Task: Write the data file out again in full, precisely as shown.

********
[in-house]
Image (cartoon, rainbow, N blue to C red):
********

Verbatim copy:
[in-house]
Image (cartoon, rainbow, N blue to C red):